It’s been a little over a year now …
That’s when I suggested taking profits in Apple (AAPL). The tech giant had just reported the most-profitable quarter of any company in history. Shares surged above $130 apiece.
However, the profit train was about to slow dramatically. After all, Apple receives more than two-thirds of its sales from its iPhone. And the company was not expected to launch a brand-new version of this best-selling product until late 2016.
Over the past 12 months, Apple saw its profits slow from over 30% annually to the mid-single digits. The stock is now trading at about $105 a share. If you followed my lead, you likely saved a lot of money.
In the same article, I said investors who are looking for dividends and growth should buy General Electric (GE) instead of Apple. The company was dirt-cheap and its dividend was nearly 4% at the time.
Since my call, GE is up nearly 25%.
GE is one of the largest companies in the world based on market cap. And after a major move like this, I would usually recommend taking profits.
However, the recent surge in GE is just the beginning. And I expect the stock to move much higher over the next few years.
A few years ago, GE made a game-changing decision. The industrial leader decided to transform its entire business model. This was a model put in place decades ago by legendary business executive and former CEO Jack Welch.
The first step was to become the biggest player in the industrial Internet megatrend.
The industrial Internet is the placing of GPS sensors and wireless modules on billions of machines. This includes jet engines, wind turbines and medical equipment.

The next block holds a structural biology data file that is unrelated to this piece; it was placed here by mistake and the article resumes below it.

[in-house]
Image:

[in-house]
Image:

Products that GE manufactures.
These sensors send millions of data points to supercomputers. This data is then analyzed using special software (Big Data analytics) to help predict the future.
Soon, entire fleets of airplanes and trucks will send and receive data to help ensure they run smoothly…
Factory machines will send out alerts before breaking down, reducing maintenance costs and downtime…
Doctors will be able to download patient data in seconds, which can reduce misdiagnosis and increase the amount of patients doctors can treat. This will not only result in huge cost savings for healthcare companies and hospitals, but also save millions of lives…
GE predicts the industrial Internet could benefit sectors accounting for more than $30 trillion in economic activity. This is almost twice the size of the combined market cap of every company in the S&P 500 Index.
Management also announced plans to sell its huge financial services arm. This division is classified as “too-big-to-fail” by the government. That means it’s regulated by the Federal Reserve — making this division almost impossible to grow.
Thus far, these asset sales have already generated more than $120 billion.
To put this in perspective, this amount is larger than the market cap of industry leaders MasterCard (MA), Schlumberger (SLB), Altria (MO), Boeing (BA) and Walgreens (WBA). GE said it will return most of this cash to investors (in the form of dividends and buybacks) over the next four years.
By 2018, GE expects to generate 90% of its profits from industrial operations. That compares to 55% in 2013. This means GE will be a pure play on the multitrillion-dollar industrial Internet megatrend.
And this trend is still in its infancy!
GE is a cheap stock. The company also pays a large dividend (3%) and finally has a growth strategy that will generate huge profits for many years. That’s why I expect fund managers and large institutions to build positions in GE over the next six to 12 months.
For investors looking for growth and income, I suggest buying GE at current levels. The stock offers a safe yield and will grow earnings much faster than the overall markets.